Mountain Farmers’ Market returns Saturday

News May 13, 2019 by Mark Newman Hamilton Mountain News

The cool and rainy conditions through the month of May could mean fewer offerings when the Hamilton Mountain Farmers’ Market opens for a 12th season on Saturday, May 18.

“Certain (produce) will be delayed because some of the (farmers) can’t get on their fields right now, they’re under water,” said Chuck Emberson, chair of the market advisory committee.

He noted three growers will be on hand this weekend and that will increase to five or six throughout the growing season.

Emberson said he expects fresh produce like rhubarb, fiddleheads and asparagus and hothouse produce such as tomatoes and peppers will be available during the first week.

As in previous years, the market will run from 7 a.m. to 1 p.m. in the parking lot of Sacred Heart Church at Mountain Park and Viewpoint avenues just north of Concession Street.

Parking is available at Sacred Heart School next door or on side streets in the area.

Over at the Vineland Research and Information Centre, Michael Josiak, manager of farm and grounds operations, said the cool, wet weather could affect tender fruit crops like peaches and cherries, which require sunshine and warm temperatures to attract the bees that pollinate them.

“There’s a bit of concern as far as the amount of pollination we’re going to get,” Josiak said. “But it’s pretty early in the game still to know for sure.”

Josiak said farmers who grow vegetables are going to see their season delayed, adding ground soil can absorb much of the rain that has fallen in recent weeks and the wet conditions could mean less irrigation will be required for some crops in the short-term.

He noted everything could be put back on track with a stretch of warm and sunny conditions.

“Another week or two will tell quite a bit,” Josiak said.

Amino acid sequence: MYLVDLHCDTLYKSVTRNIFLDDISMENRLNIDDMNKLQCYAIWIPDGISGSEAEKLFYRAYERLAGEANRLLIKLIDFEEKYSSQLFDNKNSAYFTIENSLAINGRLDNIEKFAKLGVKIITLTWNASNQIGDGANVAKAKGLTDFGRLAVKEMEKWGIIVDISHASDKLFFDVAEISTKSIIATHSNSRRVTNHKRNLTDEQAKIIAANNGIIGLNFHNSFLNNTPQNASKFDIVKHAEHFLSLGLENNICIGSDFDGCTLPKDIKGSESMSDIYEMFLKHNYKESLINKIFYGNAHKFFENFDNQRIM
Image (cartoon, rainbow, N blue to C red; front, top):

Meanwhile, Emberson noted Sacred Heart Church volunteers will be running a barbecue and selling baked goods at the market as they have in previous years.

“I’m hoping we’ll see some good weather,” Emberson said.

Hamilton Mountain Farmers’ Market returns on Saturday

Cool, rainy conditions could affect early season offerings

News May 13, 2019 by Mark Newman Hamilton Mountain News

The cool and rainy conditions through the month of May could mean fewer offerings when the Hamilton Mountain Farmers’ Market opens for a 12th season on Saturday, May 18.

“Certain (produce) will be delayed because some of the (farmers) can’t get on their fields right now, they’re under water,” said Chuck Emberson, chair of the market advisory committee.

He noted three growers will be on hand this weekend and that will increase to five or six throughout the growing season.

Emberson said he expects fresh produce like rhubarb, fiddleheads and asparagus and hothouse produce such as tomatoes and peppers will be available during the first week.

“I’m hoping we’ll see some good weather.” — Chuck Emberson

As in previous years, the market will run from 7 a.m. to 1 p.m. in the parking lot of Sacred Heart Church at Mountain Park and Viewpoint avenues just north of Concession Street.

Parking is available at Sacred Heart School next door or on side streets in the area.